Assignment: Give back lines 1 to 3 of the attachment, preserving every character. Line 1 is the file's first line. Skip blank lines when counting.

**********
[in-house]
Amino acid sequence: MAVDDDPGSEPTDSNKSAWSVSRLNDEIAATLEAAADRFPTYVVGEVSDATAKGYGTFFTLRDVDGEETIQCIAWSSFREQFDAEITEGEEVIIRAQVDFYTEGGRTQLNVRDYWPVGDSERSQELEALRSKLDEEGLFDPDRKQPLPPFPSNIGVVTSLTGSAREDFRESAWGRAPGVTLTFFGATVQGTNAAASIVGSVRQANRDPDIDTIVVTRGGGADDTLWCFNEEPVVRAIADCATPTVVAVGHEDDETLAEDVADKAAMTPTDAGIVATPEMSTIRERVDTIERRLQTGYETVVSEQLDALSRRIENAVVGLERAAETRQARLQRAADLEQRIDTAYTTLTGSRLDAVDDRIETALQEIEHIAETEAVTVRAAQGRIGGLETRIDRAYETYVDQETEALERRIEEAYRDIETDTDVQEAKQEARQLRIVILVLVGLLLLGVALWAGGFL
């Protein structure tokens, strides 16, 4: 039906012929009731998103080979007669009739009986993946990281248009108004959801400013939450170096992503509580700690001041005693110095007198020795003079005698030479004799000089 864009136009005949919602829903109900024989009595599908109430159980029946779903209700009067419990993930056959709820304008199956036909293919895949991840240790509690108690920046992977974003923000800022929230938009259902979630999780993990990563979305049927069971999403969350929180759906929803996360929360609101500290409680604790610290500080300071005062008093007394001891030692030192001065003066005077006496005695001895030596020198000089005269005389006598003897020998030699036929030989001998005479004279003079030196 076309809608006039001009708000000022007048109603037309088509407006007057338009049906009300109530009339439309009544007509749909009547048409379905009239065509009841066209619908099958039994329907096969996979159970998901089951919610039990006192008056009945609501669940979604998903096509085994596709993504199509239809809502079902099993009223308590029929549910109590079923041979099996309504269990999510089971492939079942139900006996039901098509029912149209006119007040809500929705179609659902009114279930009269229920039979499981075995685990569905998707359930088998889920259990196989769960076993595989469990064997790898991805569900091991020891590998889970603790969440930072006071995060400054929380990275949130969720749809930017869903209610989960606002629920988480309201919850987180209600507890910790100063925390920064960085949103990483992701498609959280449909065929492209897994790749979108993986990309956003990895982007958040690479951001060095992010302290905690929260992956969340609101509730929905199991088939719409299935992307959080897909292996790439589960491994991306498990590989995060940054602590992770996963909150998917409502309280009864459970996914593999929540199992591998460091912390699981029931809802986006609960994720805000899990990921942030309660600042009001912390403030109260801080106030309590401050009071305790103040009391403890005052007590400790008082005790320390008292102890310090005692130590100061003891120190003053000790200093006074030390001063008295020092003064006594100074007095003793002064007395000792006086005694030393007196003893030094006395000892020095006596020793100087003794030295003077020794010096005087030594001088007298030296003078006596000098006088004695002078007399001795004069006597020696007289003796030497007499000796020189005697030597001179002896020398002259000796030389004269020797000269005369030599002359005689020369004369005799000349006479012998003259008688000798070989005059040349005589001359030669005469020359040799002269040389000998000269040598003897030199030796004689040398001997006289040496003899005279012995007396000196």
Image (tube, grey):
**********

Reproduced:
[in-house]
Amino acid sequence: MAVDDDPGSEPTDSNKSAWSVSRLNDEIAATLEAAADRFPTYVVGEVSDATAKGYGTFFTLRDVDGEETIQCIAWSSFREQFDAEITEGEEVIIRAQVDFYTEGGRTQLNVRDYWPVGDSERSQELEALRSKLDEEGLFDPDRKQPLPPFPSNIGVVTSLTGSAREDFRESAWGRAPGVTLTFFGATVQGTNAAASIVGSVRQANRDPDIDTIVVTRGGGADDTLWCFNEEPVVRAIADCATPTVVAVGHEDDETLAEDVADKAAMTPTDAGIVATPEMSTIRERVDTIERRLQTGYETVVSEQLDALSRRIENAVVGLERAAETRQARLQRAADLEQRIDTAYTTLTGSRLDAVDDRIETALQEIEHIAETEAVTVRAAQGRIGGLETRIDRAYETYVDQETEALERRIEEAYRDIETDTDVQEAKQEARQLRIVILVLVGLLLLGVALWAGGFL
């Protein structure tokens, strides 16, 4: 039906012929009731998103080979007669009739009986993946990281248009108004959801400013939450170096992503509580700690001041005693110095007198020795003079005698030479004799000089 864009136009005949919602829903109900024989009595599908109430159980029946779903209700009067419990993930056959709820304008199956036909293919895949991840240790509690108690920046992977974003923000800022929230938009259902979630999780993990990563979305049927069971999403969350929180759906929803996360929360609101500290409680604790610290500080300071005062008093007394001891030692030192001065003066005077006496005695001895030596020198000089005269005389006598003897020998030699036929030989001998005479004279003079030196 076309809608006039001009708000000022007048109603037309088509407006007057338009049906009300109530009339439309009544007509749909009547048409379905009239065509009841066209619908099958039994329907096969996979159970998901089951919610039990006192008056009945609501669940979604998903096509085994596709993504199509239809809502079902099993009223308590029929549910109590079923041979099996309504269990999510089971492939079942139900006996039901098509029912149209006119007040809500929705179609659902009114279930009269229920039979499981075995685990569905998707359930088998889920259990196989769960076993595989469990064997790898991805569900091991020891590998889970603790969440930072006071995060400054929380990275949130969720749809930017869903209610989960606002629920988480309201919850987180209600507890910790100063925390920064960085949103990483992701498609959280449909065929492209897994790749979108993986990309956003990895982007958040690479951001060095992010302290905690929260992956969340609101509730929905199991088939719409299935992307959080897909292996790439589960491994991306498990590989995060940054602590992770996963909150998917409502309280009864459970996914593999929540199992591998460091912390699981029931809802986006609960994720805000899990990921942030309660600042009001912390403030109260801080106030309590401050009071305790103040009391403890005052007590400790008082005790320390008292102890310090005692130590100061003891120190003053000790200093006074030390001063008295020092003064006594100074007095003793002064007395000792006086005694030393007196003893030094006395000892020095006596020793100087003794030295003077020794010096005087030594001088007298030296003078006596000098006088004695002078007399001795004069006597020696007289003796030497007499000796020189005697030597001179002896020398002259000796030389004269020797000269005369030599002359005689020369004369005799000349006479012998003259008688000798070989005059040349005589001359030669005469020359040799002269040389000998000269040598003897030199030796004689040398001997006289040496003899005279012995007396000196």